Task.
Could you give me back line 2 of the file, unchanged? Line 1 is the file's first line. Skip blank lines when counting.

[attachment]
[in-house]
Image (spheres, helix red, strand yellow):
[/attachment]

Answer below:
Image (spheres, helix red, strand yellow):